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My Turn: Where do we go on guns?



For the Monitor
Thursday, November 09, 2017

Growing up in small-town New Hampshire, guns were just another part of life. When I was 9 or 10, I saved and bought a BB gun with my brother to shoot tin cans out back. Although it lacked much kick, it was more exciting than my homemade crossbow. Then there were my uncle’s rifles at the family farm and his old editions of American Rifleman from the NRA – any boy’s dream. I had school friends with shotguns for the nearby sandpit and tried my hand at pistols at the shooting range.

Guns in good hands were never threatening but fun.

Then came Columbine. Like the shooters and their victims, I was in high school at the time – a rural public school with plenty of pickup trucks and gun racks in the parking lot. For the first time, I had to stop and think about what it meant when guns got into the wrong hands. If angry, unstable people in a leafy Denver suburb could get hold of semi-automatic weapons designed for hunting human beings and shoot up a school, was anybody safe?

Banning guns wasn’t the issue for me, but I wondered why we didn’t try a little harder to limit certain guns for certain people through background checks and training.

Columbine was the first mass shooting I can remember but it certainly wasn’t the last. In the 18 years since that painful day, I’ve felt the familiar knot in my stomach far too many times as TVs lit up with gruesome scenes of yet another killing spree in schools, churches, night clubs, and the like. Each time, I’ve held my loved ones close and asked the same question: Why don’t we at least try to stem the bleeding by limiting certain guns for certain unstable people through universal background checks and training requirements?

It is natural to ask these questions when mass shootings occur and then forget them when the cameras leave the scene. But for too many Americans, the questions never cease.

In the 15 minutes or so you spend reading this article and thinking about gun safety, one person will be killed by a gun in our country. By the time you finish your day, roughly 90 people will have been shot to death. By the time 2017 comes to a close, the total for the year will likely surpass 33,000. If these facts alone do not give us pause, consider the scourge of gun violence from a different perspective.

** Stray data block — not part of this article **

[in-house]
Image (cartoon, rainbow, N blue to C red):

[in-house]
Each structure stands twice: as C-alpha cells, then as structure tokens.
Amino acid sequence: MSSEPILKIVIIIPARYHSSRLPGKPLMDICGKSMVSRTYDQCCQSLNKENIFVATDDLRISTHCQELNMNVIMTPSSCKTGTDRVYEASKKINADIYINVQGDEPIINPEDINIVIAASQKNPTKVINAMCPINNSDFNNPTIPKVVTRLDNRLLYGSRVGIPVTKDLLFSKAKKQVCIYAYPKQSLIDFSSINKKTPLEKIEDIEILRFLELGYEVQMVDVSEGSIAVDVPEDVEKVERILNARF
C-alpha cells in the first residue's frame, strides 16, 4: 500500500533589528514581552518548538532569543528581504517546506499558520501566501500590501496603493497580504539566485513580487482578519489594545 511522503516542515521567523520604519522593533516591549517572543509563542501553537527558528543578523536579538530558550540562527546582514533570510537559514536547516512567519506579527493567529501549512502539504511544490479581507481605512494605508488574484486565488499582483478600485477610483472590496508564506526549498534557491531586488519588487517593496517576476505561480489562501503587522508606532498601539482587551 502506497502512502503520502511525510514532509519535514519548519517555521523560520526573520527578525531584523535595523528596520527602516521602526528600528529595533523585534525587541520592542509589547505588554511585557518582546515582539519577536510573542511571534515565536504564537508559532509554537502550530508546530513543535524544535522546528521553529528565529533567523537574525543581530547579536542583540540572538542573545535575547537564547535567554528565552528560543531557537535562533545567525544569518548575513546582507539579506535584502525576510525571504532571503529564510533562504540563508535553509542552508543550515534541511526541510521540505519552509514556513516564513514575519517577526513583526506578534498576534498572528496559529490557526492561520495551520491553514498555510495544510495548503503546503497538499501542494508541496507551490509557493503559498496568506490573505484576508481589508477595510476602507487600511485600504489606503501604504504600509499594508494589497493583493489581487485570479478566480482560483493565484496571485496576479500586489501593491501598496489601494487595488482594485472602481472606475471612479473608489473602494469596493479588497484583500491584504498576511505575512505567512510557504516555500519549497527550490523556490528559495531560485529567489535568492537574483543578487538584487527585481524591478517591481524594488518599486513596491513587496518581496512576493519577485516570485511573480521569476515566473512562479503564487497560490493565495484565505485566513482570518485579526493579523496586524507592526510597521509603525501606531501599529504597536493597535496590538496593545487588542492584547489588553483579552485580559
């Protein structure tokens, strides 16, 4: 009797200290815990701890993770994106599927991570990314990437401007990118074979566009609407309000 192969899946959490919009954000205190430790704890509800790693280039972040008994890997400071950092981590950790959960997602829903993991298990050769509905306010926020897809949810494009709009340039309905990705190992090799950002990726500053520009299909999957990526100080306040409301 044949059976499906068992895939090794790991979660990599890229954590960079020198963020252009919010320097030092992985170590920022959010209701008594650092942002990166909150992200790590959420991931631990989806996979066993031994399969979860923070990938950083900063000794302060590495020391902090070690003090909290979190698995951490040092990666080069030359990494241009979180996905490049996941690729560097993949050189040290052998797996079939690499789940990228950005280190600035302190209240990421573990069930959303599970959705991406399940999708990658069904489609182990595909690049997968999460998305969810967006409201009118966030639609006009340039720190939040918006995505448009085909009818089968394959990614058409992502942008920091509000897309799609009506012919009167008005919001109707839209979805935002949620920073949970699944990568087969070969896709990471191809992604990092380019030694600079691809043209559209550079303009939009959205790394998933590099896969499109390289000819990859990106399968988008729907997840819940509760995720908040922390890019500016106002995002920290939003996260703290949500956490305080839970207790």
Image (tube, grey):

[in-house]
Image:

As a student of American poverty, I am painfully aware of how violence and insecurity affect poor and minority communities far more than they do middle-class people like me. The rate of gun homicides in the United States is 25 times higher than other developed countries, according to the American Journal of Medicine, and they are disproportionately concentrated in places with little access to opportunity and the American Dream.

As an advocate of gender equality, I know that nearly 1,000 American women are murdered each year by an intimate partner, two-thirds of them with a gun, according to the FBI. Having a gun at home increases the risk of homicide 20 times when there is a history of domestic violence.

As a parent of young children, I was mortified by recent reports of a 4-year-old girl in Tampa killed when she reached into her grandmother’s purse for candy and found a gun instead. In fact, the latest CDC data show that 23 children are shot each day, and numerous academic studies have confirmed that guns in the home don’t make our families safer – they make it far more likely someone will die.

As a friend to people with depression who have attempted suicide, I have seen the Harvard research showing that whether you live or die depends in large part on whether you have access to a gun. The higher the rate of gun ownership in a state, the higher the suicide rate – and the problem appears to be getting worse, according to the CDC.

Finally, as a person of faith, I fervently believe that all lives are sacred and must be protected. Although the right to bear arms is enshrined in our Constitution, no right can supersede the right to life itself.

Where do we go from here?

Advocates of unlimited gun ownership often make the point that “guns don’t kill people – people do.” They are partly right, of course, and we must seek to confront the deeper malaise afflicting our society that drives too many people to devalue their own life or the lives of others.

But that is no excuse for inaction when there are sensible steps toward gun safety, which the vast majority of Americans – save the profit-hungry gun industry and its lobbyists – already support. Although guns and gun violence will always exist, we have the chance to save innocent lives by curbing the sale of deadly arms to people who are not fit to use them. Just like seatbelts and carseats prevent thousands of deaths each year, universal background checks, training and safety requirements, and limiting the sale weapons built for war can do the same.

Legislation to accomplish these goals has long since been introduced in Congress. It enjoys strong bipartisan support from the American people. Now is the time for Republican lawmakers to stop accepting money from the gun industry and stand up for gun safety instead.

(Dan Weeks, a 12th generation Granite Stater and chair of Open Democracy, lives in Nashua with is wife and kids.)